And an a times b times c of b.

Now let's deal with the first one.

A times c of a.

A is the number of clusters that we're going to select.

C of a is the cost per cluster.

That cost component for clusters primarily consist of travel.

If we do indeed have widespread units that we've gotta go to.

And preparation costs for the sample.

Now the travel, by the way, includes not only the cost of transportation,

but also staff time while they're traveling.

And it can involve multiple visits to a cluster.

So, if we were sampling school children and sampling them in schools,

we're going to have to figure in multiple visits to the school for

such things as contacting the principal.

To see whether or not they're willing to allow us to come into the school and

do our data collection.

Possibly having to talk to the superintendent for

the school district to make a decision about The process.

Going back to the principle in identifying a list of the classrooms that are there,

and making a selection of classrooms.

Going to each of the classrooms and visiting with the teachers,

which might require a couple of visits.

Also going back and collecting data from the children which might involve,

because of illness and absences, and other kinds of things,

multiple visits from the children.

All that's buried in there.

And those costs per cluster can be considerably larger than the cost

per observation within a cluster.

That's what we're worried about.

That's a big component that can easily inflate our costs substantially.

But we've got to keep it within the constraint.

To the extent that we do more clusters,

we have less money to do things within clusters.

The second component, b times c sub b.

c sub b is the cost per observation within a cluster.

It's dominated by interviewing cost,

whether that happens to be asking questions or

providing a self administered form, or some other way of collecting the data.

And c sub b is multiplied by the number of observations,

b, that we're going to use in our selection.

And then that's multiplied across the clusters that we have.

All right, that's our cost model.

It's not actually the way costs are recorded.

We don't actually record these.

But it's a style,

an approach to cost modeling that fits in nicely with the variance model.

Because the sampling variance that we've got involves a sampling variance that

has two components, a simple random sampling variance and a design effect.

Now you'll recognize in this red formula here, in square brackets on the right-hand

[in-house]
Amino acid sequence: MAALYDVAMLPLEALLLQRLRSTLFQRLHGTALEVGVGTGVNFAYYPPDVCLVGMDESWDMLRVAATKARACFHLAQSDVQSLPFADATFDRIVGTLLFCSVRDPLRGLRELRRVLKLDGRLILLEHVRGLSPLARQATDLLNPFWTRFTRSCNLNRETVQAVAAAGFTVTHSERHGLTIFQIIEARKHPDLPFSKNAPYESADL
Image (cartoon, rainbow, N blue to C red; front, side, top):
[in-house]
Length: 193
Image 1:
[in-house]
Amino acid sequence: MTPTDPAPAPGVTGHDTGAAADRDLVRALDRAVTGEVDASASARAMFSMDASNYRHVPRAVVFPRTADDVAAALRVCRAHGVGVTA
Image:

side, at the end of the right-hand side are design effect.

1 + (b-1)roh.

So there our variance depends on b.

But the first term, which has the (1- f)p(1-p)/n- 1,

is written with ab to represent n and

is the number of clusters times the number of elements per cluster.

And so here now, we see our variance

model includes not only the subsample size but also the number of clusters.

We know that as a goes up that variance is going to go down.

If a goes down, we do fewer clusters, then that sampling variance could go up.

But it's more complicated than that,

because we also have b in that denominator and we have b in the design effect.

So we need some way of combining considerations for

this variance with the cost model.

Now one way we could do this is very mechanically.

We could choose alternative values of a and b.

We could calculate the variance that goes with each combination.

And calculate the cost model and build a spreadsheet where we have a column of

costs and we have a column of variances that go with them with driving a and

b levels for each row, each alternative.

Simulate what's going to happen.

And then we could watch and see as cost and

variance are going in different directions, is there a balance point where

we get to a point where we've got the smallest variance among all alternatives?

That would be fine to do.

As a matter of fact, many people do that kind of thing today because spreadsheets

are so easy to work with.

But really there was an earlier day when spreadsheets weren't as available,

or weren't available at all and one just simply solved

what's the balance between cost and error in finding an optimum.

And there is an approach here that can take a fixed cost.

Let's start with a budget.

We have so much money.

And we're now going to take that fixed money and

see what's the small sampling variance we can get by varying a and b.